Re: The value of the handmade

From: SteveS ^lt;[email protected]>
Date: 03/16/05-01:10:28 PM Z
Message-id: <001901c52a5b$d507dce0$4802280a@VALUED65BAD02C>

Bare in mind what Ansel said about the Brennan Group that met in Berkeley
before their Group f-64; Defender came out with a ready made paper, which
could be the attribute of post modern photography. Once we could make
prints on a photographic paper of consistency, the asset was like the
invention of the shutter to bring the end of modern photography into a post
modernism that gave everybody an equal chance to make good pcitures.

Steve Shapiro, Carmel, Ca
----- Original Message -----
From: "Ryuji Suzuki" <>
To: <>
Sent: Wednesday, March 16, 2005 10:59 AM
Subject: Re: The value of the handmade

> From: Richard Sullivan <>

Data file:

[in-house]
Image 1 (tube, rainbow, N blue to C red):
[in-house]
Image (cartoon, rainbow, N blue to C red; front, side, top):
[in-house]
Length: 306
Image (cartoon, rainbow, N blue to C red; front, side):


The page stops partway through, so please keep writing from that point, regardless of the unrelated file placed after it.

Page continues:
> Subject: Re: The value of the handmade
> Date: Wed, 16 Mar 2005 10:39:53 -0700
>> If by this you mean making your own emulsion, ripening in a silver
>> vessel and all of that, yes, quite a chore. I have bounced around
>> the idea of making matte finished POP paper on my machine.
> You can use a vessel made from glass or glazed earthware. You say
> quite a chore but that is how the process was practiced in early
> years. With some kind of mechanical stirrer the chore is reduced.
> The point is that, although you equate silver gelatin process with
> modern commercial films and papers, those commercial products are just
> one kind of embodiments of silver gelatin process and should not
> be equated with the process itself, especially if you emphasize the
> connection to history.
> --
> Ryuji Suzuki
> "Well, believing is all right, just don't let the wrong people know
> what it's all about." (Bob Dylan, Need a Woman, 1982)
Received on Wed Mar 16 13:10:49 2005

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